» News » Beware! ISI may try to attack our scientists again

Beware! ISI may try to attack our scientists again

By Rajeev Sharma
February 10, 2016 09:21 IST
Get Rediff News in your Inbox:

'Pakistan may have moved back from this devilish plot in 2007, but there is no guarantee it won't be on the drawing boards again,' warns Rajeev Sharma.

David Coleman HeadleyPakistani-American terrorist David Coleman Headley's second round of testimony via video conferencing from an undisclosed destination in the United States on Tuesday, February 9, is even more damning than his deposition on Monday.

His latest disclosures have the potential of putting the Pakistani military establishment in a doghouse, but it won't happen. We will take up this point a little later, but first let's have a brief run down of what more has come out of Headley's stable on Tuesday.

Headley has not only given fresh names of Pakistan army and Inter Services Intelligence officers with whom he was in regular touch for planning and preparing for terrorist acts in India, but has also given details how the Indian defence establishment has been on the radar of the lethal nexus of the Pakistani State and non-State actors.

Perhaps the most disturbing Pakistani terror plot that Headley has blown the lid off is that a meeting of Indian defence scientists at Mumbai's Taj Mahal hotel a year before the 26/11 attacks was to be targeted. He had even done the recce for this operation, but it could not be launched because if logistical reasons.

Had this operation been launched, Pakistan would have had the opportunity of wiping out top Indian defence scientists in one stroke. It shows how nervous the Pakistani military establishment is about the impressive work done by Indian defence scientists.

It also shows the perils of hosting big conferences of defence scientists and underlines the need for not having such meetings without an elaborate multi-layer security cover.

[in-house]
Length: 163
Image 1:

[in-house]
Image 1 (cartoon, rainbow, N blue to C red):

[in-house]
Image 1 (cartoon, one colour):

After all, Pakistan may have moved back from this devilish plot in 2007, but there is no guarantee that it won't be on the drawing boards in Rawalpindi (where the Pakistan army's headquarters is based) ever again.

The other information Headley gave in his testimony before the Mumbai court is that the ISI provides 'financial, military and moral support' to terror outfits the Lashkar-e-Tayiba, the Jaish-e-Mohammad and the Hizbul Mujahideen and that he was working for the Pakistan army and the ISI besides the LeT.

Well, this is something that has been an open secret for years not only for India, but for the entire world. This doesn't change anything for India and only reiterates the universally acknowledged fact that the nexus between State and non State actors continues to be the template for a country like Pakistan which claims itself to be a 'victim' of terrorism.

Now let's come to the point mentioned earlier that though Headley's deposition may have the potential of putting the Pakistani military establishment in a doghouse this would actually never happen.

It will be business as usual as far as Pakistan's strategy of using terrorism as an instrument of its foreign policy is concerned till the US-led international community warn Pakistan of Afghanistan-type military strikes that bombed out the Taliban in the wake of the 9/11 terror attacks on the American mainland. But to think that the Americans would ever do such a thing is nothing short of day dreaming.

Pakistan's cooperation is of crucial importance for the Western world as long as Afghanistan continues to simmer. The kind of morass Afghanistan has found itself in for the last four decades will continue for many more years, if not decades.

Troubled Afghanistan is Pakistan's insurance policy. Pakistan knows this. That's why the Western world has come up with the concept of 'good terrorist' (one who doesn't attack the West) and 'bad terrorist' (one who attacks the West).

And David Coleman Headley is a 'good terrorist'!

Rajeev Sharma is an independent journalist and strategic analyst who tweets @Kishkindha

Get Rediff News in your Inbox:
Rajeev Sharma
The War Against Coronavirus

The War Against Coronavirus